- Cox - Prices start at under $20 at Cox, which is a big incentive. They have Wi-Fi included, great coverage, and speeds of up to 940 Mbps, so it’s understandable why they’re a popular provider. However, they are very limited to areas where they’ve already installed the cable infrastructure, so users who aren’t in that area can’t benefit.
- Xfinity - Xfinity is the biggest cable internet provider in America. Flexibility is also a benefit, with various contract or no contract plans available. In addition, it offers some of the highest speeds in the country. The cons are that there are no wireless connections available, and there are some additional costs for both equipment and installation.
- AT&T - AT&T has no annual contract, which is good news for those who want the flexibility to leave anytime. Plus, its upload speeds are just as fast as download speeds, which is unusual, but a great advantage. Bundles are numerous, and the service is reliable. When it comes to cons, service is limited to where there are already existing lines, and some of these areas can have DSL lines that are limiting in terms of what you can do online.
- Earthlink - One of the major advantages of Earthlink is that there are no limits on data usage, and they offer many different packages to choose from. They are rated very favorably in terms of customer service. The problem is that they require 1-year contracts, and there are extra monthly fees for equipment rental.
- Frontier - You can transform your modem into a Wi-Fi hotspot with Frontier, but that’s not why people choose to become users. They use Frontier because they have a lot of variety in their plans and offer coverage in 25 states. The downside is that speeds can be too low for intense online activity.
- Verizon - Verizon offers the best 5G service overall and just about edges out competitors by reaching speeds of up to 1000 Mbps. If you don’t want to spend time browsing all the options, going with Verizon is your best bet, starting at $50 per month. The downside is that it’s not super present yet, so it’s a better option for urban users.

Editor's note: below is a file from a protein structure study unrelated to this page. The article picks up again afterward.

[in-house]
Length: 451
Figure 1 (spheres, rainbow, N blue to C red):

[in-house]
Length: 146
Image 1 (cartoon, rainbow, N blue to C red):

- T-Mobile - By far, the widest spread availability; if you’re in an area overlooked by other companies, T-Mobile most likely has your back.
- Starry - Starry is very similar to Verizon but with less coverage and availability. The prices are similar.
- Ultra Mobile - against all odds, Ultra Mobile is a good option, even for rural areas, because of its widespread availability. Beware of data caps. Plans start at just $50.
Rural Internet Providers
In rural areas, things get tricky. There are still lots of people living here, but the density is lower, households are more sparse, and providers are less incentivized to set up shop here because the potential for clientele is lower. That means those who live in rural or otherwise remote areas are forced to make do with the options available, which are few and not very fast.
The lack of infrastructure limits users mainly to options made possible not by cables but by satellites.
- Satellite internet - For the longest time, satellite internet was the only option for those living in rural or remote areas. Unable to benefit from fiber or even cable, rural users sometimes must make do with slower internet, which is infamously laggy. This is because the signal has a long way to go before it reaches you. Your device communicates with satellites in space, 22,000 miles away, and the data has to make that journey twice to complete a request. Understandably, that means speeds that tend to be capped at 150Mbps, maximum, and the monthly data allowance only goes up to 300 Mbps, which is quite limiting, especially if you use the internet heavily or you have multiple users. While it’s enough for typical tasks of working from home, it’s certainly not enough if you’ve got 2 or 3 users that want to stream, game online, or download large files.
- New school satellite internet - Luckily, there’s a new kid in town. Satellite internet isn’t what it used to be. The new school of satellite internet, pioneered mainly by Starlink, Elon Musk’s venture, is shaking things up and providing the same convenience but a very different service. For one, the speeds are much higher - 500 Mpbs. There is no data cap, and the latency is much lower. To what is owed this improvement? It’s a different kind of satellite internet. More specifically, the satellites are different and much closer - only 300 miles away! The proximity affords them advantages like higher speeds (because the data doesn’t travel as far) and minimal lag.
- Dial-up internet - Believe it or not, dial-up internet is still kicking and still being used. Today, 0.3% of U.S. households, or approximately 1 million users are still loyal to dial-up, and that’s because it’s lower cost than a lot of other options. If you’re not a heavy internet user and don’t particularly need high speeds, dial-up can be a perfectly appropriate option, especially in remote areas.
Of course, the downside with dial-up is that the speed is very low by today’s standards - just 56 kbps, which means users need a lot of patience.
Who offers these options?
Traditional satellite internet